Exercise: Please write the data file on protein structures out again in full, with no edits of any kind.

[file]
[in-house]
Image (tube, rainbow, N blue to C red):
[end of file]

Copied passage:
[in-house]
Image (tube, rainbow, N blue to C red):